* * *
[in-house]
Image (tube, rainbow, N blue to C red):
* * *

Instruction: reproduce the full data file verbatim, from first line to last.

[in-house]
Image (tube, rainbow, N blue to C red):